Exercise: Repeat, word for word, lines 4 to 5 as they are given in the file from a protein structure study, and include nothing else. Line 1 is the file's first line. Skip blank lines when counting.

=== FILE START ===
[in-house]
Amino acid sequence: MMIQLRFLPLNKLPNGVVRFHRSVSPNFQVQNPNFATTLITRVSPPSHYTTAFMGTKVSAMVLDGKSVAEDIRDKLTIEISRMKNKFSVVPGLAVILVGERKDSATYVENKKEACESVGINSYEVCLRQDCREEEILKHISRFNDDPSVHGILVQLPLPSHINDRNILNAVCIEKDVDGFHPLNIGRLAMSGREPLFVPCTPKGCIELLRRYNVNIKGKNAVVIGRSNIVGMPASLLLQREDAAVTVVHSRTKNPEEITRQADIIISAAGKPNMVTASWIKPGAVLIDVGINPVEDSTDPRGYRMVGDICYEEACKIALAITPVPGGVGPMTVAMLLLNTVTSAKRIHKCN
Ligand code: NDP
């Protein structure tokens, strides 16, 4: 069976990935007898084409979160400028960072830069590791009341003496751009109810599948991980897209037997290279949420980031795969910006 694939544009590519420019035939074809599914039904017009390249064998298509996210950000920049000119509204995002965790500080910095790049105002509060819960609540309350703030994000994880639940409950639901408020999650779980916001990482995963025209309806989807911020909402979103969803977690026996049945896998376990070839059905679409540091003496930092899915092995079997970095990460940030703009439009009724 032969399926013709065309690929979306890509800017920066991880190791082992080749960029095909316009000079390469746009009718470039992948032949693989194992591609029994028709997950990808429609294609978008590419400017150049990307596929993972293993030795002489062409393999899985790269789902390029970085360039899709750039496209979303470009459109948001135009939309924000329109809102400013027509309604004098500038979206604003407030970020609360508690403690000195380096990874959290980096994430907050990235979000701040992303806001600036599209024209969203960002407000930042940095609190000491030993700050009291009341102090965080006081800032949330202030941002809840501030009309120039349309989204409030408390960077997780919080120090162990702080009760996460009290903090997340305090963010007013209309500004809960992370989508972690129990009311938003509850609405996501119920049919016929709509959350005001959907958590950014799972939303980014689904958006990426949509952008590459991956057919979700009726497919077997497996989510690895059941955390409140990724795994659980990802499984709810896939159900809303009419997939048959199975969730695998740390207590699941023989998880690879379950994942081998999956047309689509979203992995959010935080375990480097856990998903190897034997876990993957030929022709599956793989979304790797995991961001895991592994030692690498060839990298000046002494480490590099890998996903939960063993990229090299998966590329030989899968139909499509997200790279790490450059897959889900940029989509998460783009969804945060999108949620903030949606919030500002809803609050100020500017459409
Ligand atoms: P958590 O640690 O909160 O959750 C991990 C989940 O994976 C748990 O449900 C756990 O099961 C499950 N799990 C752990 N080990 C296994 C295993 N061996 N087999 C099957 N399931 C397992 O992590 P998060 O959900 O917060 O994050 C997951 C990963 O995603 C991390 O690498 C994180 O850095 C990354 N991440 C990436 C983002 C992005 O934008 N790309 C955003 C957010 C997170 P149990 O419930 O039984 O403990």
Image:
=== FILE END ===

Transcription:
């Protein structure tokens, strides 16, 4: 069976990935007898084409979160400028960072830069590791009341003496751009109810599948991980897209037997290279949420980031795969910006 694939544009590519420019035939074809599914039904017009390249064998298509996210950000920049000119509204995002965790500080910095790049105002509060819960609540309350703030994000994880639940409950639901408020999650779980916001990482995963025209309806989807911020909402979103969803977690026996049945896998376990070839059905679409540091003496930092899915092995079997970095990460940030703009439009009724 032969399926013709065309690929979306890509800017920066991880190791082992080749960029095909316009000079390469746009009718470039992948032949693989194992591609029994028709997950990808429609294609978008590419400017150049990307596929993972293993030795002489062409393999899985790269789902390029970085360039899709750039496209979303470009459109948001135009939309924000329109809102400013027509309604004098500038979206604003407030970020609360508690403690000195380096990874959290980096994430907050990235979000701040992303806001600036599209024209969203960002407000930042940095609190000491030993700050009291009341102090965080006081800032949330202030941002809840501030009309120039349309989204409030408390960077997780919080120090162990702080009760996460009290903090997340305090963010007013209309500004809960992370989508972690129990009311938003509850609405996501119920049919016929709509959350005001959907958590950014799972939303980014689904958006990426949509952008590459991956057919979700009726497919077997497996989510690895059941955390409140990724795994659980990802499984709810896939159900809303009419997939048959199975969730695998740390207590699941023989998880690879379950994942081998999956047309689509979203992995959010935080375990480097856990998903190897034997876990993957030929022709599956793989979304790797995991961001895991592994030692690498060839990298000046002494480490590099890998996903939960063993990229090299998966590329030989899968139909499509997200790279790490450059897959889900940029989509998460783009969804945060999108949620903030949606919030500002809803609050100020500017459409
Ligand atoms: P958590 O640690 O909160 O959750 C991990 C989940 O994976 C748990 O449900 C756990 O099961 C499950 N799990 C752990 N080990 C296994 C295993 N061996 N087999 C099957 N399931 C397992 O992590 P998060 O959900 O917060 O994050 C997951 C990963 O995603 C991390 O690498 C994180 O850095 C990354 N991440 C990436 C983002 C992005 O934008 N790309 C955003 C957010 C997170 P149990 O419930 O039984 O403990």